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Posts by Jonathan

The Weekly Blog

The Pinnacle of Civilisation

Civilisation, it has been said, came about as a result of over-productive farmers.

First there were hunter-gatherers who fended for themselves around the globe (except, of course, the earth was flat in those days). And then people started growing things – fancy grasses that resembled early varieties of barley, courgettes and stuff.

It wouldn’t have taken long for someone to forget to harvest the courgettes, grow a giant marrow and wonder “What the hell am I going to do with this?”

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The Weekly Blog

Dreams and Deadlines

I love deadlines. I like the whooshing noise that they make as they fly by.

But sadly the season for missing deadlines has passed and we’ve reached that point in the year when we have to start hitting them – like clay pigeons scything through the air. Bam, bam, bam. The first day of the 2019/20 season at Kelso Racecourse is scheduled for Tuesday 10th September and it has to happen, come what may.

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The Weekly Blog

Two Rivers

Once upon a time there was a group of monks. Sent forth from the Augustinian Priory of Bradenstoke in Wiltshire, the monks were tasked with finding a new location for a Priory in the North West of England.

Having selected a site on top of a hill with magnificent views, one of the monks heard a mysterious voice saying “Not there, but in a valley, between two rivers, where one runs north and the other runs south.” So the monks resumed their search for a site and found, deep in the valley, not far from the shifting sands of a large bay, an island of hard ground that was located within a marsh containing two water courses – each flowing in a different direction.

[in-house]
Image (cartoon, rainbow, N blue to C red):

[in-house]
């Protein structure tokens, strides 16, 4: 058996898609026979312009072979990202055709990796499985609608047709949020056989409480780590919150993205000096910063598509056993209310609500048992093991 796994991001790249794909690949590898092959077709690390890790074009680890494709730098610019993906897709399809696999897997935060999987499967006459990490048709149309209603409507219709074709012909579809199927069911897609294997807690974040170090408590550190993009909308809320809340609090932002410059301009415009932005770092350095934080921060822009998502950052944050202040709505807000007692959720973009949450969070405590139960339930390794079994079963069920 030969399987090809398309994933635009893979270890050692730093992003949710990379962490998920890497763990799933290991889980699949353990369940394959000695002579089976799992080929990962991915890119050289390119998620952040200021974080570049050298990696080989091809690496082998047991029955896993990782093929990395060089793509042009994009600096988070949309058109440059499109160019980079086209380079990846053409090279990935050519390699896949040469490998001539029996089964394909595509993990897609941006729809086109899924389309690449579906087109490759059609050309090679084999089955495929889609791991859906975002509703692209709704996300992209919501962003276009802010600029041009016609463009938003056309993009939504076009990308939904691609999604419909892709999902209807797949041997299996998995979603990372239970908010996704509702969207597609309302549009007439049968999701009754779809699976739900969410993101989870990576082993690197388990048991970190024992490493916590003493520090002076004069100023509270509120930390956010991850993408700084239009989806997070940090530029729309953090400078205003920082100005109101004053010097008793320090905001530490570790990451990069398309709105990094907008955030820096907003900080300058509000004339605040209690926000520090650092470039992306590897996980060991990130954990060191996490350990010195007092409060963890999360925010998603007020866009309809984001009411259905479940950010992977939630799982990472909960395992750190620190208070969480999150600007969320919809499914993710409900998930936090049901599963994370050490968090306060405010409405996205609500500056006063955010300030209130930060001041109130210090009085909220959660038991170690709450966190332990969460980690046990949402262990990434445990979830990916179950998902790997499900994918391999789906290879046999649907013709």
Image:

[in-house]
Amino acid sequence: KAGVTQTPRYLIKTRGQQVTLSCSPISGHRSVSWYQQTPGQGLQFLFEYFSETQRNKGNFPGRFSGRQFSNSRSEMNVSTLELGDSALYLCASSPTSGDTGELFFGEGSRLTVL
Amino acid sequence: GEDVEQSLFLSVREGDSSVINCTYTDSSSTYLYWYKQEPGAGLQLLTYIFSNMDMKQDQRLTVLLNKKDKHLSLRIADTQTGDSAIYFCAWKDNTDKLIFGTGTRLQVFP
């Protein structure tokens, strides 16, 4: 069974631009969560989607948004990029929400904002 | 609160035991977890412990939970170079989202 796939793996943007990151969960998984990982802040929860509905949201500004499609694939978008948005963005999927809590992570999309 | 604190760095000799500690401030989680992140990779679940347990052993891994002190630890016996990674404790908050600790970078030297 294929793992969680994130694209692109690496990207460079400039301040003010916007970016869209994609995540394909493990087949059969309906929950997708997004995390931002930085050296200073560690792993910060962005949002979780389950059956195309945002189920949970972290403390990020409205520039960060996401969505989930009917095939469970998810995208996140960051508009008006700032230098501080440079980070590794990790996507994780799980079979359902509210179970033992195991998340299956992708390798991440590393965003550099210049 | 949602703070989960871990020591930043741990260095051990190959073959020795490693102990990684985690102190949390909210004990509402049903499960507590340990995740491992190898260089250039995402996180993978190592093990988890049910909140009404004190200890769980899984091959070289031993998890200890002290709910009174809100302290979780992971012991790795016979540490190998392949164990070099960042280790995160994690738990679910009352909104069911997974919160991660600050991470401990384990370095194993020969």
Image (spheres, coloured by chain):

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The Weekly Blog

What3Words

As postal addresses go, ‘Himself, Ireland’ is pretty brief – but well-wishing cards that bore just these two words still managed to reach Arkle in the 1960s. Such was the fame of the World’s best ever steeplechaser, one letter even reached him after it had been misdirected to ‘Arkle, Westminster Abbey’ – presumably because the sender estimated that this was the most likely home of his owner Anne, Duchess of Westminster.

Historically, few individuals have enjoyed the privilege of being addressed with such brevity. Even my letters addressed ‘Santa, North Pole’ seem to have gone astray in recent years. Either that or I haven’t been as good as I thought…

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The Weekly Blog

The Natural Order of Things

Despite last week’s winning selection, readers of this blog might feel that my approach to tipping is a little bit slip-shod: that the logic behind the selections is wishy washy. Importantly, though, the logic is never washy wishy and my shod has never slipped.

Bookmakers occasionally still use tic-tac to communicate the odds in the betting ring, especially if the favourites are flip-flopping. But they’ve never used tac-tic to warn that the favourites have flop-flipped…

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The Weekly Blog

Elephants Don’t Jump

I’ve shelved the shoes in favour of sporting sandals. Not because they’re very much more comfortable on sun-kissed sandy beaches, but because I’m padding the streets of Central London and I think there’s a small possibility that, while visiting the museums and galleries, I’m more likely to get mistaken for an intellectual if people can see my socks.

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The Weekly Blog

Do Losing Bets Count as an Existential Threat?

Every generation suffers the fear of a major, overbearing threat. When I was growing up it was the nuclear threat: the fear that the Cold War would result in total annihilation; if you didn’t get evaporated by a bomb blast then you’d be fried slowly from the inside out by radiation. I’m not saying that I was scarred by my childhood – but, to this day, I harbour a deep distrust of microwave ovens.

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